HR And Training | Collins McNicholas

7 Key Points for Payroll in 2017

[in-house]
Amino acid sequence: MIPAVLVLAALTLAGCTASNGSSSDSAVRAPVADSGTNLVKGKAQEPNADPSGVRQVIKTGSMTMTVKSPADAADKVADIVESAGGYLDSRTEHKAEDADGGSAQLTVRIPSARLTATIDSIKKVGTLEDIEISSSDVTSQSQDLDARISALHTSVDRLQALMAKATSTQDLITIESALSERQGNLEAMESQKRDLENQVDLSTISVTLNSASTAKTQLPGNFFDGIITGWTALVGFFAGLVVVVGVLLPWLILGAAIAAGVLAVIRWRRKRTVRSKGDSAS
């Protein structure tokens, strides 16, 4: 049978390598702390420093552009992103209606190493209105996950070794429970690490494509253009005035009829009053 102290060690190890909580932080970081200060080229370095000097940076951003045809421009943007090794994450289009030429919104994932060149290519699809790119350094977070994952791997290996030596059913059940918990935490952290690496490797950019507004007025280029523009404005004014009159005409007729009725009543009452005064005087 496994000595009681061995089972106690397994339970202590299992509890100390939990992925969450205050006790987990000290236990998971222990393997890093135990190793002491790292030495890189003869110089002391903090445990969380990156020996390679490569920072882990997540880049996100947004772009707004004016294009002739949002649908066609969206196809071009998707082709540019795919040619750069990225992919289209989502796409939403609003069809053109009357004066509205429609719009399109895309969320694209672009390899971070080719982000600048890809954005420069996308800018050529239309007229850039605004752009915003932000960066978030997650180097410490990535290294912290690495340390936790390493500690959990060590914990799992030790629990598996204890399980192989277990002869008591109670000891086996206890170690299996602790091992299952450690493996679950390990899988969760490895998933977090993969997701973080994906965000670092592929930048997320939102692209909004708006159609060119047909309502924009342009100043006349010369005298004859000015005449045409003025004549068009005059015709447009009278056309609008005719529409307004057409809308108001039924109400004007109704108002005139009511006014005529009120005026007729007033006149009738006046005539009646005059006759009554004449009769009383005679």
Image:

7 Key Points for Payroll in 2017I had the pleasure of attending the annual Irish Payroll Association (IPASS) conference on 11th May 2017 in Croke Park Dublin. IPASS is Ireland’s premier provider of Payroll and VAT training and certification. The conference included presentations from IPASS, the Revenue Commissioners and PWC. Here are some helpful key points that were discussed/highlighted on the day: 1. GDPR – General Data Protection Regulation – This issue is highly topical at the moment. The regulation will come into effect on the 25th May 2018. If you are a registered Data Processor or Data Controller you need to be ready to conform to the policy by this date. Please click this link for further information. This regulation will impact any information we hold on payroll, accounts, and any information on our database relating to clients, suppliers and candidates/temps. 2. New Revenue Website – During the first week in June 2017, the Revenue Commissioners will be launching a brand new website. Revenue have done research into how websites are generally used to ensure that their new look web pages are user friendly and easy to navigate. They have spent time removing jargon and converting technical speak into straight forward narrative. This should make registering employment, resolving tax queries etc. more simplistic. Revenue have acknowledged however that not everyone is IT literate and they will still need to be prepared to answer phone calls and postal correspondence. 3. Illness Benefit – There was a lot of discussion around the processing of illness benefit. The consensus is that the processing of this on behalf of Welfare and Revenue is problematic at employer and payroll processing level. Revenue do not envisage the system changing in the near future, but they are looking to make the notification process simpler whereby the issuance of a letter through the ROS portal may be replaced with a CSV file showing all applicable employees. The major problem for processing at the moment is where a payroll bureau is in operation (similar to what we do for our client payrolls), the illness benefit letter is not received into the agent link inbox on ROS. 4. MyEnquiries – It was raised with Revenue that the turnaround time for responses through its MyEnquiries portal is too slow and that 20 – 25 days is not an acceptable response rate. 5. Pensions – It was raised that where an employee has a pension deduction from their salary they must be advised in writing at least once a month of the following: The total amount deducted from the employee’s salary and paid to the PRSA provider (this is covered on the face of the payslip). 6. Retirement Date in Contract – There is no mandatory retirement age set down in law. If a retirement age is included in an employment contract employers must be able to demonstrate that they have objectively justified the age giving consideration to the following: promoting access to employment for younger people, ensuring a mix of generations of staff so as to promote the exchange of experience and new ideas, efficient planning of staff departure/recruitment, Safety (workplace or public), avoiding dispute’s about the employee’s fitness for work over a certain age, avoiding the need to dismiss employee’s on the ground that they are no longer capable of doing the job which may be humiliating for the employee concerned. The overriding concern from those in attendance at the conference was that by having a compulsory retirement age you may be creating a scenario where you must retire at 65 but may not be eligible to receive your state pension until 67 or 68 leaving an income gap. 7. PAYE Modernisation – Revenue are moving towards “Real time” reporting which will mean that each monthly return will have the ability to report each employee’s earnings, tax etc. This form of reporting will reportedly remove the need for P30’s, P45’s, P46’s, P60’s and P35’s.   Collins McNicholas’ Payroll Services Team provides a comprehensive payroll service to multinationals, SMEs, start-ups and public sector organisations, running weekly, fortnightly and monthly payroll for our clients nationwide. For further information on our payroll services contact me (Fiona Collery) at 071 9142411 or visit our payroll information page here   Fiona Collery, Payroll Manager (FCCA) Collins McNicholas Recruitment & HR Services Group Phone: 071...